The International Data Corporation (IDC) recently released its Worldwide Semiannual Cognitive Artificial Intelligence Systems Spending Guide, which predicts that spending on sales process recommendation and automation will reach $1.45 billion this year. David Schubmehl, research director at IDC, noted that:
“Interest and awareness of AI is at a fever pitch. Every industry and every organization should be evaluating AI to see how it will affect their business processes and go-to-market efficiencies.” This warning is as relevant to sales leaders as much as anybody.
My own experience supports this. An increasing number of my clients are looking at “sales process recommendation and guided selling,” or artificial intelligence (AI)-driven sales enablement, to give it the more standard industry term. They see it as a way to consistently replicate successful sales outcomes and streamline the sales process.
While I haven’t played a role in their buying decision, I have experienced firsthand the impact of less-than-optimal implementations, the pros and cons of the software, and the advantages and potential pitfalls for sales leaders who invest in it.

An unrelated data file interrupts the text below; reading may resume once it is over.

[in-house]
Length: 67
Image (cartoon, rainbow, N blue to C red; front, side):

As sales leaders live through one of the biggest changes in the way business to business (B2B) customers engage in the buying process, this has the potential to be huge. Implemented correctly, the model even has the agility to reflect the needs of different sales channels and buying habits across industries or regions. Implemented incorrectly, it just reinforces old buying habits and fails to move the dial in a positive manner.